He was aware of the battle, or as aware as he dared to be, but he had more than enough to do just at the moment. The banshees were rallying, pressing on him with increasing force, pulling at him with a longing that seemed to have no hope of satisfaction other than the grave.

He saw Jaffic at Sharryl's side now, flaying another wolf as it tried to circle around. Ahead, Rosivok was busy carving more of the creatures into bloodless chunks. But on the rocky ground around them, the severed bodies of the fallen wolves stirred, anxious to rejoin the battle.

"Let the dead speak to the dead," Frost shouted, holding out both hands, summoning all his strength. In the ancient tongue he chanted the words that would bind the listening spell, then added further embellishments, a part of a deflection spell, and part of a spell usually used to bind a man to secrecy. Finally, he used a musical spell, a quaint incantation useful in helping singers reach their highest notes.

As he completed his work, the sounds of the banshees grew faint again, though they were rising in pitch this time, higher and higher, until human ears could no longer make them out. But as the sounds disappeared, the attacking wolves began to twitch and howl in terrible agony. Their dead eyes rolled back into their bony skulls, then a few turned and ran out of the pass. Soon the others followed, until the only things still moving were the twitching skulls of the beheaded.

A beginning, Frost thought, relaxing, easing the flow of energy into the spell. The immediate threat had ended. He and his Subartans could continue now, immune to the torturous screams of the banshees. But that was not what he had been paid to do. Highthorn Pass was the only way trade and travelers could pass through the Spartooth Mountains, the only path to the sea.

Shortages north of the mountains had become many, until they had lately begun to annoy even the richest lords, and Frost as well. His commission had been worthy, and the omens had all been good. He had every intention of completing his task in a proper fashion.

"You sing only to your own kind now," Frost shouted to the cliffs above. "But I can do more. You will sing only to yourselves if you do not leave this place."

He stepped forward, slightly unsteady at first, weakened by his efforts but growing stronger rapidly. As he moved with his Subartans into the open Frost could sense the spirits of the banshees all around them, closer now, gathering perhaps, he thought, to listen.

Frost had never heard of a colony of banshees as large as this, though there were legends from the time of the demons, centuries ago. He could not help but wonder why such a thing should occur now, though one could not ask questions of creatures that did not speak. In any case, why they were here mattered little-they had to leave.

"Go elsewhere!" he commanded. "Trouble another region. I have promised many safe passage though these mountains, and safe they will be."

He could sense their question, a tingle at the back of his mind: Go where?

"Go anywhere," he told them. "These mountains are filled with ravines and gorges seldom used by men. You will always find some, the unlucky and creatures that die from many natural causes, creatures whose spirits you can call to yourselves before they are gone. Enough, I think, to serve your needs."

He waited, letting his mind hear the faint reply.

"Hmmm, unfortunate," Frost said after a time.

"What?" Rosivok asked, speaking for the others.

Frost let slip a sigh. "They like it here." He turned to his Subartans. "Build a fire," he said.

They quickly gathered what twigs and brush they could from the sparse, stunted crop of bushes and trees that grew in the pass. In a moment, the smell and warmth of a small fire filled the air, and the bright light of its flames lit the darkness. Frost concentrated again. He drew on his inner reserves, burning energy more quickly than the fastest runner, the strongest oarsman. He focused the spell and spoke to the fires.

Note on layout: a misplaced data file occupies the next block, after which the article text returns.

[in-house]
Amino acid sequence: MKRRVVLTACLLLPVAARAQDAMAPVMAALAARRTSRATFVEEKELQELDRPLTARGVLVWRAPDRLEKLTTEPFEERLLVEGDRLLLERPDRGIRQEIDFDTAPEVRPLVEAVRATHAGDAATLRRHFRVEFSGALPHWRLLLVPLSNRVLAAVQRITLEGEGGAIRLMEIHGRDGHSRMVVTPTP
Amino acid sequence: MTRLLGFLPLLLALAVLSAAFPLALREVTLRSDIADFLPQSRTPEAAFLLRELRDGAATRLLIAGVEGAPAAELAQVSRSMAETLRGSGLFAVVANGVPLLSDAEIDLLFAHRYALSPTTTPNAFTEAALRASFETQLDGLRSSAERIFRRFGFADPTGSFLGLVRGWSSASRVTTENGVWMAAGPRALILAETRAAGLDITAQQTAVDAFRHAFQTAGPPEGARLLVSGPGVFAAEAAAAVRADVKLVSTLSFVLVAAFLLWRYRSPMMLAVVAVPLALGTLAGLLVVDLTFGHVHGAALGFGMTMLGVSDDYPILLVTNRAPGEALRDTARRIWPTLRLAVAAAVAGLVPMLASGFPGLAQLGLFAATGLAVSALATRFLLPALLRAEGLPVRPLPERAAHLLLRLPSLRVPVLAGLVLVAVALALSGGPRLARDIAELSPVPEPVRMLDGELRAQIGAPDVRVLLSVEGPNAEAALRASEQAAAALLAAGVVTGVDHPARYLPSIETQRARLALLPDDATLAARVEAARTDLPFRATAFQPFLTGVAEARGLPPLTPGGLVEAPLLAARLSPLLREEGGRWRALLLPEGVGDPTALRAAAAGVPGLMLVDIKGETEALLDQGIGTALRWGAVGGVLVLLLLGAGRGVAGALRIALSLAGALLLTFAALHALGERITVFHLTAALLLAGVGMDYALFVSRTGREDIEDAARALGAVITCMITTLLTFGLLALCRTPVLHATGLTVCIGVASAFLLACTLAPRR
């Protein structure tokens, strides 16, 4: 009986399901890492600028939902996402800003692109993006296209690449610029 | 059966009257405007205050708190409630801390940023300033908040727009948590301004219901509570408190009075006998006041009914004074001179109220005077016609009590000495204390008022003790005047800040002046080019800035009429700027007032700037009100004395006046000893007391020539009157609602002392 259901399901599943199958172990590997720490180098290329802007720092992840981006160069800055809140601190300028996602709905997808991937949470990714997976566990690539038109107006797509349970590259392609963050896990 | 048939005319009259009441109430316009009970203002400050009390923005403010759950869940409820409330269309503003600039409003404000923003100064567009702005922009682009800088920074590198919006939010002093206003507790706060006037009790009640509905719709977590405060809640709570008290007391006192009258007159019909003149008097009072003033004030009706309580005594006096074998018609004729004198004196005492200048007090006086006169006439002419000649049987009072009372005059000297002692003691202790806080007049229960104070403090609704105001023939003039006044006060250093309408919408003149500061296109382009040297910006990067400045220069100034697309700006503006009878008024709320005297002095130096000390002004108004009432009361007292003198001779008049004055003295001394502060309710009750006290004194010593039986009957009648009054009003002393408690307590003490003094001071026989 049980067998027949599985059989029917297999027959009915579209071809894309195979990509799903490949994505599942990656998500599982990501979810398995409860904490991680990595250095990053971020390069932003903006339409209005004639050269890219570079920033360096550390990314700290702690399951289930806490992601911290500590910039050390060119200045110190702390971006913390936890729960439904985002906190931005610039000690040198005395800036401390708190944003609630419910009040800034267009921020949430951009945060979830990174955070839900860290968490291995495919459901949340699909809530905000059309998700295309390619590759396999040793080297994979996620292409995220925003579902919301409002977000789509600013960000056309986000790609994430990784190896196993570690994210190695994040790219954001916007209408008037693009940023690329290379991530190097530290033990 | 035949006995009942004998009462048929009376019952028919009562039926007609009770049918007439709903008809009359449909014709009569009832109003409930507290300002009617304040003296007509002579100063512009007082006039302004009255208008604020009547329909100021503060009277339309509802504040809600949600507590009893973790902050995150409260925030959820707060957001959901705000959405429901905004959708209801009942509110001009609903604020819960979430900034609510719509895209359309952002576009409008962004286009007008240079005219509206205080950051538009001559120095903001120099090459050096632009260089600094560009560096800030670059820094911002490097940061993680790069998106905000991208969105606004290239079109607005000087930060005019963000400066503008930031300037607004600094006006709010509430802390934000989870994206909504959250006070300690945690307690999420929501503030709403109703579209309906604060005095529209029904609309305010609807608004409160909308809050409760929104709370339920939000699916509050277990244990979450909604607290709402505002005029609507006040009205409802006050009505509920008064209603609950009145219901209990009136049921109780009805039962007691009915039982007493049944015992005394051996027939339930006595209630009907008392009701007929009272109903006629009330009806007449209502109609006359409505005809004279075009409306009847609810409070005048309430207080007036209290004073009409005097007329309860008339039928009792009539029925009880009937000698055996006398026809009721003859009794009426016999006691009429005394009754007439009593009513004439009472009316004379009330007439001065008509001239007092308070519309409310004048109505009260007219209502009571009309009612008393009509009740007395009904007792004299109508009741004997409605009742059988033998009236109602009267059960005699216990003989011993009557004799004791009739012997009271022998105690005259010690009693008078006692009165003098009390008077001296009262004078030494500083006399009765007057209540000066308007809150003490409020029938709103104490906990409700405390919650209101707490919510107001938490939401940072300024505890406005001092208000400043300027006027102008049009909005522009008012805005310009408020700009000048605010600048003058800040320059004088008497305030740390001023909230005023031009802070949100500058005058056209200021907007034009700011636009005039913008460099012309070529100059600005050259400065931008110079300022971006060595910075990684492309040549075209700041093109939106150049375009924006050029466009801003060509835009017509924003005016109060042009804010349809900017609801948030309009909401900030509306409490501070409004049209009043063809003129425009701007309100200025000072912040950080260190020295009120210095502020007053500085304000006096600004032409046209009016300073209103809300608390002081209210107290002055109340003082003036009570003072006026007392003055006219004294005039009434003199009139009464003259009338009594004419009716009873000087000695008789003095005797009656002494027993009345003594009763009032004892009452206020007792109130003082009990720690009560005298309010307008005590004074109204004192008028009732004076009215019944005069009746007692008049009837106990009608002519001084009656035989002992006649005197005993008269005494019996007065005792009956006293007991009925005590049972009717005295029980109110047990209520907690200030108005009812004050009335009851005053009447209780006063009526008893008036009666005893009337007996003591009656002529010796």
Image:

The flames wavered, then left the pile of twigs and weeds and raced up through the pass, climbing the walls, leaping crevasses, crisscrossing the rocks until the entire chasm seemed to be engulfed. Even the corpses of banshee victims were consumed by the now too- bright, incredibly hot fires that changed colors as they burned in a rainbow spectrum. Inescapable, even for banshees. Yet nothing living was so much as singed.

After a moment Frost eased, and he began to smile. He stopped feeding energy to the flames and let them die away, until only the small circle of the original fire still flickered at his feet. He staggered and put one hand out to Rosivok, who quickly moved to steady the wizard.

"They did not like that at all," Frost said, a faint chuckle in his voice. "Especially the ones that perished."

The ones, he thought, that doubted he could threaten their existence. They had wagered far too much-everything-on that assumption. Such fools, he insisted, were a breed that fate was seldom kind to.

"We will make camp here," he added, straightening his stance. He moved slowly away and sat on a nearby rock, then took the very large drawstring pouch from his shoulders and began rummaging in it for food and a bladder of water. Thirst and hunger drove him now, an emptiness as deep as the mountain pass. He drank the water, then stuffed his mouth full of dried fish.

"Tomorrow, we go to Ikaydin," he said, adding nothing, content simply to fill his mouth again, though the thought of the journey made him smile. He had not been to that land in decades. Far too long. And he had every reason to believe that opportunity waited for him there, and just beyond.

"Ikaydin," Sharryl and Rosivok repeated, though Jaffic kept silent. An uneasy look seemed to cross his features, like the look of a man before a battle, but it faded before Frost could wonder at it long. The three Subartans gathered beside the firelight to open their own pouches. In the nearby hills, crickets began to chirp. Frost let his sight drift upward.

High above stars gathered around the moon, though there was a slight haze, Frost noticed, now that he looked more closely. Which was an omen not to be ignored, if memory served him now. An omen of stormy weather ahead....

(Continues...)



Excerpted from Demon Blade by Mark A. Garland Excerpted by permission.